Just 4 percent of students who took the Hawaii State Alternate Assessment tested proficient in math, down from 62 percent in 2010. Eight percent were proficient in reading, down from 70 percent….

… changed with the new test: Students were no longer allowed to be prompted while testing, and the assessments were scored by external scorers, not teachers….

"A lot of the tests in the past were these checklists that the teachers would say, ‘Yes, I saw the child do that.' It was just the teacher's impression of what the child was able to do."

The new test, which cost the state about $2 million, came about as a result of a compliance agreement with the U.S. Department of Education, which required that Hawaii test students on grade-level-appropriate benchmarks.

Vorsino August 27 describes the latest online test cheating in her article—without acknowledging it as such:

Principals say the big drop in the percentage of kids performing at the lowest levels appears to be early proof that new interventions for struggling students are paying off.

"We're developing an almost individualized plan for each child," said Kalihi-uka Elementary Principal Laura Ahn. "Our teachers really targeted certain kids, targeted the ‘well below' and the ‘almost reaching' to get them to improve." …

At Fern Elementary, struggling students got extra assistance from part-time teachers placed in each classroom … "Whatever they don't get, we tutor them," she said….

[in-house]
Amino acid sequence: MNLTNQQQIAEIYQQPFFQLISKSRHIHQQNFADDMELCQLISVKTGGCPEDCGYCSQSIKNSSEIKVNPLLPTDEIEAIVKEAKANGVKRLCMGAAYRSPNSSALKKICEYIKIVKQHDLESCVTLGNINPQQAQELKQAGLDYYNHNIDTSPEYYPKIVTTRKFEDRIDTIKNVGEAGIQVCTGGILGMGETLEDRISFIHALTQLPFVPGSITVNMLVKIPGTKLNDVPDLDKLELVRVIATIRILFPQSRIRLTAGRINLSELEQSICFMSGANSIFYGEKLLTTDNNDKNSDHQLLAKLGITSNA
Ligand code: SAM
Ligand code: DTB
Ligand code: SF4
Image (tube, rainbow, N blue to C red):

"Helping the ‘well below' kids, it's really been a huge effort," said Al Carganilla, Farrington's principal, adding that this year the school is also kicking off a "learning team" model, where teachers share information about what's working or not working in their classrooms, based on real-time data….

The plans are “individualized” because they are working from the questions the students got wrong. The data is “real time” because of the DoE’s new on-line testing system.

Of course targeting “the ‘well below' and the ‘almost reaching'” means that some other students aren’t getting help. Vorsino writes:

…the overall percentage of students in the "exceeds" category dropped this year…. Tenth-graders saw the greatest decline in students exceeding in reading, from 33 percent to 13 percent. In, math 8 percent of 10th-graders topped standards, from 14 percent in 2010.

To meet NCLB and collect those undeserved Race To The Top funds, the DoE doesn’t have to concern itself with how many students “exceed” standards. The DoE’s only goal was to artificially inflate the number of students meeting standards and reduce the number at the lowest levels of failure.


Striking Parallels From 2005: 'Cheating' probe halts Wai'anae school tests